Since college graduates earn 60% to 70% more than high
school graduates over their lifetimes on average,
keeping kids in college would easily pay for itself.
"That should be a no-brainer," says Thomas N. Bethell,
visiting scholar at the national Academy of Social
Insurance. Brave words, considering the brainlessness of
much of the Social Security debate in Washington.

Modernizing Social Security is crucial today because the
actions of government and industry have increased
Americans' dependence on the program. Defined-benefit
pensions, which inoculated retirement security from
investment risk, have been on a trend line to extinction
since 1980, when 38% of all private sector workers were
covered. Today the figure is 20% and falling.

They've been supplanted by defined-contribution plans
such as 401(k) accounts, into which workers place a
certain amount per paycheck (sometimes augmented by an
employer contribution), and cross their fingers that the
investment markets won't abscond with their retirement
dreams. But 401(k)s haven't proved to be up to the
challenge. The average balance for workers in their 60s
is less than $160,000. That sounds like a lot, but it
won't bring you a happy retirement. If you use it to buy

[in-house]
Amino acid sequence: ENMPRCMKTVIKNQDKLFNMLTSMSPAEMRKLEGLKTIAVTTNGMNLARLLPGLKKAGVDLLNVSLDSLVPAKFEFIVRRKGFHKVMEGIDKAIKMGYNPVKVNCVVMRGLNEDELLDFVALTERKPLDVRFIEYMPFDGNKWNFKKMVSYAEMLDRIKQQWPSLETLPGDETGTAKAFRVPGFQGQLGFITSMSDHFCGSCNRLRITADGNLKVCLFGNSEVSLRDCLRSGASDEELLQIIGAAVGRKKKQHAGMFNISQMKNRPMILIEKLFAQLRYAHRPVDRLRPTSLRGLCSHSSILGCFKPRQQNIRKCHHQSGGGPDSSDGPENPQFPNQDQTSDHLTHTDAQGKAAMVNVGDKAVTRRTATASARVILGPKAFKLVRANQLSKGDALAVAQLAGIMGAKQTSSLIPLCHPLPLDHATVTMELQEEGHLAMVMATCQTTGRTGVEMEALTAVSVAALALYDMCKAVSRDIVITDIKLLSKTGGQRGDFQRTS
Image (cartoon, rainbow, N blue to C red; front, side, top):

an annuity that will pay off through your and your
spouse's lifetime, it would produce annual income of
about $8,400; add inflation protection of up to 3%
annually, and you start with less than $5,500 a year. (I
used the federal employee Thrift Savings Plan's annuity
calculator to crunch the numbers.) By contrast, Social
Security is a lifetime benefit, protected from inflation
no matter how fast prices rise.

Undoubtedly you're going to hear that improving Social
Security will bankrupt America. This is the mating cry
of the haves-and-want-mores, and it's malarkey. Federal
taxes - personal, corporate and excise combined -
amounted to about 15.4% of our gross national product
last year, according to the Office of Management and
Budget. That's lower than the level of every other
industrialized country, according to the Organization
for Economic Cooperation and Development.

Isn't it curious that the same people who insist that
America is the greatest, richest country in the world,
ever, are those who insist that there's no way we can
afford to provide for our elderly, our disabled and the
survivors of our deceased workers to the same degree as
the rest of the industrialized world?

The received wisdom among political insiders is that
today's hyper-partisan atmosphere in Washington makes
any talk of raising Social Security benefits a non-
starter. But maybe this is exactly the moment to turn
the conversation around. Every member of Congress will
be out on the stump, along with the leaders of their
parties, facing the voters.

"This is an important thing for constituents to be
talking to their candidates about," NOW's O'Neill says.
"Are you with us, or are you against us - that's the